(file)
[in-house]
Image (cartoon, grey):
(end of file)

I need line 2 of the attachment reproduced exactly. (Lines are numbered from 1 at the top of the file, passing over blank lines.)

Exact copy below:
Image (cartoon, grey):